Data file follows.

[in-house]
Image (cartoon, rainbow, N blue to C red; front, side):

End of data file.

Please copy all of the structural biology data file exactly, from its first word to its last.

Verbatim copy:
[in-house]
Image (cartoon, rainbow, N blue to C red; front, side):